Private Chinese Companies Struggle to Invest in America, Expert Says

01.17.2014 11:47

Private Chinese Companies Struggle to Invest in America, Expert Says

Executive at company that advises Chinese firms says 90 out of 100 that were interested in going to U.S. saw their attempts fail

By intern reporter Ge Qing

(Beijing) – Investments by private companies into the United States rose last year, but one expert says a large number of firms are seeing their attempts to head to America fail.In 2012, direct investment made by private Chinese firms for the first time outpaced that by their state-owned counterparts in terms of value. In 2013, total investment by private firms into the U.S. again increased by US$ 5 billion to about US$ 9 billion.

Despite the surge, a large number of private Chinese firms are seeing their attempts to tap the U.S. market fail. Data from the SoZo Group, a Hong Kong company that provided investment expertise to businesses in China, shows that 90 percent of Chinese private enterprises’ attempts at setting up manufacturing in the United States or Europe fail.

Raymond Cheng, an executive at SoZo Group, said that in 2013 more than 100 firms came to his company’s for help on direct investment in the United States, but after evaluation only about 10 were suitable for setting up plants.

Cheng warned that only if labor costs account for less than 25 percent of the total cost can an enterprise successfully settle in the United States. He said that although Chinese companies are getting more mature on both the technological and environmental protection fronts, not all U.S. states are suitable for Chinese manufacturers.

He warned against China’s business leaders “flashing their money about” with reckless foreign investments.

“Certain businessmen have the wrong ideas about what investment in America is all about,” Cheng said. “For example, those who invest in order to emigrate to America, most of them have failed due to a lack of preparation.”

Technology Transfers

Many Chinese companies do not realize how different producing goods in China and in America is, Cheng said. Others think that just because they have relatives living in America, they’ll help take care of operations there. Some planned to transfer a whole team from China to the United States, which doesn’t create any employment opportunities.

“This probably explains why certain Chinese companies are not welcomed by the locals,” Cheng said.

Companies in America are subject to federal, state and local laws, and China and America have very different accounting systems and management methods. Then there is the language barrier. Investment in the United States has to be assessed comprehensively, Cheng warned.

Choosing a location is another issue. For instance, southern U.S. states are attractive to Chinese investors thanks to cheaper energy prices, lower tax rates and weak labor unions. Yet if a company sets up a factory in the state of Texas while its clients are mainly in the Pacific Northwest, transportation costs must obviously be taken into consideration.

While many people assume that Chinese firms set up branches in America simply to acquire advanced technology know-how, Cheng says most are actually driven by reducing costs.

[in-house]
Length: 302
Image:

About bambooinnovator
Kee Koon Boon (“KB”) is the co-founder and director of HERO Investment Management which provides specialized fund management and investment advisory services to the ARCHEA Asia HERO Innovators Fund (, the only Asian SMID-cap tech-focused fund in the industry. KB is an internationally featured investor rooted in the principles of value investing for over a decade as a fund manager and analyst in the Asian capital markets who started his career at a boutique hedge fund in Singapore where he was with the firm since 2002 and was also part of the core investment committee in significantly outperforming the index in the 10-year-plus-old flagship Asian fund. He was also the portfolio manager for Asia-Pacific equities at Korea’s largest mutual fund company. Prior to setting up the H.E.R.O. Innovators Fund, KB was the Chief Investment Officer & CEO of a Singapore Registered Fund Management Company (RFMC) where he is responsible for listed Asian equity investments. KB had taught accounting at the Singapore Management University (SMU) as a faculty member and also pioneered the 15-week course on Accounting Fraud in Asia as an official module at SMU. KB remains grateful and honored to be invited by Singapore’s financial regulator Monetary Authority of Singapore (MAS) to present to their top management team about implementing a world’s first fact-based forward-looking fraud detection framework to bring about benefits for the capital markets in Singapore and for the public and investment community. KB also served the community in sharing his insights in writing articles about value investing and corporate governance in the media that include Business Times, Straits Times, Jakarta Post, Manual of Ideas, Investopedia, TedXWallStreet. He had also presented in top investment, banking and finance conferences in America, Italy, Sydney, Cape Town, HK, China. He has trained CEOs, entrepreneurs, CFOs, management executives in business strategy & business model innovation in Singapore, HK and China.

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